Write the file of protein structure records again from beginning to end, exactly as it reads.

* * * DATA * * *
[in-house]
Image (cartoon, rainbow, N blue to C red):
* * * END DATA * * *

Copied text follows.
[in-house]
Image (cartoon, rainbow, N blue to C red):